South Korea, Japan mark 50 years of ties with push to mend strained ties

SEOUL - South Korea and Japan marked the 50th anniversary of diplomatic ties on Monday with a push to mend relations strained by a territorial dispute and a feud over Japan's wartime past.

The sometimes uneasy East Asia neighbours are also working towards their first leaders' meeting in three years.

On Monday, South Korean President Park Geun Hye will attend a ceremony hosted by the Japanese embassy in Seoul and Japanese Prime Minister Shinzo Abe will take part in a reception at the South Korean embassy in Tokyo.

"For the peoples in both countries and for the next generation, I would like to work with President Park to improve relations further, with eyes set on the next half century," Abe told South Korean Foreign Minister Yun Byung Se, who paid a courtesy call on the Japanese leader on Monday.

Park and Abe have not held bilateral talks since taking office. A statement from Park's office said their attendance at the two receptions was expected to contribute to the development of bilateral ties.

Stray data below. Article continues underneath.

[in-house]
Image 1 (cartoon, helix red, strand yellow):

Relations between Japan and South Korea have complicated efforts to boost security co-operation between two of the United States' main Asian allies as the region copes with an unpredictable North Korea and an assertive China.

South Korea's Yun met his Japanese counterpart Fumio Kishida on Sunday, the first such visit in four years.

Yun's ministry later said the pair welcomed a series of recent exchanges, including high-level officials' meetings in trade and defence co-operation, and that they hoped for progress towards a summit.

Japan and South Korea have not held such a meeting since 2012, when Park and Abe's predecessors met in Beijing on the sidelines of a three-way meeting with the Chinese premier. That meeting came as they fueded over disputed islands and Japan's colonisation of Korea.

South Korea says Japan has not atoned properly for its conduct during World War Two, including its role in forcing women, many of them Korean, into prostitution in military brothels.

Japan apologised to the women, euphemistically called"comfort women", in a landmark 1993 statement that also acknowledged the role of authorities in coercing them. It also says the matter of compensation for comfort women has already been settled.